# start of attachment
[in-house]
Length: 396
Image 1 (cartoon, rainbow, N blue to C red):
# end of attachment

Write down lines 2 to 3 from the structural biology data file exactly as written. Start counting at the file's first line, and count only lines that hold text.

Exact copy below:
Length: 396
Image 1 (cartoon, rainbow, N blue to C red):